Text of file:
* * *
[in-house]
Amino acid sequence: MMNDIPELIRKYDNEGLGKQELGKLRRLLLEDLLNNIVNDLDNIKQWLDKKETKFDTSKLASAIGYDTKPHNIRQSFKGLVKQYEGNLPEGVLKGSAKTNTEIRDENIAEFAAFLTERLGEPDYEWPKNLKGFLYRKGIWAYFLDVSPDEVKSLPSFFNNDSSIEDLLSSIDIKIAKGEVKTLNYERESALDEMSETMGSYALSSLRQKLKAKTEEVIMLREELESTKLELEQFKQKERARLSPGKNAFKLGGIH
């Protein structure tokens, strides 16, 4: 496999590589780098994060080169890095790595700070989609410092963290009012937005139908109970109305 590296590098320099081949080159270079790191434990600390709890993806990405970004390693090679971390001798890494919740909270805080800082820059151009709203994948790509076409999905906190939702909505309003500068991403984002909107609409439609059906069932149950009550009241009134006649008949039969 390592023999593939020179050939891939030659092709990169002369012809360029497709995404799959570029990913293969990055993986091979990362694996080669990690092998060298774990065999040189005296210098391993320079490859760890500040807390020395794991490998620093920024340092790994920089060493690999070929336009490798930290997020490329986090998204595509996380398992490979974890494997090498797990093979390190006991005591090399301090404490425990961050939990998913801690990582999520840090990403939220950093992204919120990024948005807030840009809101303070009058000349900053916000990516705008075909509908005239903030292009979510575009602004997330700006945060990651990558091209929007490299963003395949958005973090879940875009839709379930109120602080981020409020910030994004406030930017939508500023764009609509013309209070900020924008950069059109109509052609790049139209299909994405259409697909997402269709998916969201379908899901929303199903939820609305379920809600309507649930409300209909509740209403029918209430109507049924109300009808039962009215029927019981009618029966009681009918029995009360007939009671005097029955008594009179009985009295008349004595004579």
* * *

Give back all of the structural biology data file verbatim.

[in-house]
Amino acid sequence: MMNDIPELIRKYDNEGLGKQELGKLRRLLLEDLLNNIVNDLDNIKQWLDKKETKFDTSKLASAIGYDTKPHNIRQSFKGLVKQYEGNLPEGVLKGSAKTNTEIRDENIAEFAAFLTERLGEPDYEWPKNLKGFLYRKGIWAYFLDVSPDEVKSLPSFFNNDSSIEDLLSSIDIKIAKGEVKTLNYERESALDEMSETMGSYALSSLRQKLKAKTEEVIMLREELESTKLELEQFKQKERARLSPGKNAFKLGGIH
């Protein structure tokens, strides 16, 4: 496999590589780098994060080169890095790595700070989609410092963290009012937005139908109970109305 590296590098320099081949080159270079790191434990600390709890993806990405970004390693090679971390001798890494919740909270805080800082820059151009709203994948790509076409999905906190939702909505309003500068991403984002909107609409439609059906069932149950009550009241009134006649008949039969 390592023999593939020179050939891939030659092709990169002369012809360029497709995404799959570029990913293969990055993986091979990362694996080669990690092998060298774990065999040189005296210098391993320079490859760890500040807390020395794991490998620093920024340092790994920089060493690999070929336009490798930290997020490329986090998204595509996380398992490979974890494997090498797990093979390190006991005591090399301090404490425990961050939990998913801690990582999520840090990403939220950093992204919120990024948005807030840009809101303070009058000349900053916000990516705008075909509908005239903030292009979510575009602004997330700006945060990651990558091209929007490299963003395949958005973090879940875009839709379930109120602080981020409020910030994004406030930017939508500023764009609509013309209070900020924008950069059109109509052609790049139209299909994405259409697909997402269709998916969201379908899901929303199903939820609305379920809600309507649930409300209909509740209403029918209430109507049924109300009808039962009215029927019981009618029966009681009918029995009360007939009671005097029955008594009179009985009295008349004595004579």